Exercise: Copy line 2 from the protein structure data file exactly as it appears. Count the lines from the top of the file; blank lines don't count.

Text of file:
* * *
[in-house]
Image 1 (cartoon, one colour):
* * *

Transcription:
Image 1 (cartoon, one colour):